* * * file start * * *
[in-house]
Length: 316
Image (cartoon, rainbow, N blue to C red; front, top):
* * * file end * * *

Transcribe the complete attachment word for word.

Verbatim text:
[in-house]
Length: 316
Image (cartoon, rainbow, N blue to C red; front, top):